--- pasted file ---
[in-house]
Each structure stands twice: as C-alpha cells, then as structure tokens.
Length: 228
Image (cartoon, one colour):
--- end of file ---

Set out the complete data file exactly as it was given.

[in-house]
Each structure stands twice: as C-alpha cells, then as structure tokens.
Length: 228
Image (cartoon, one colour):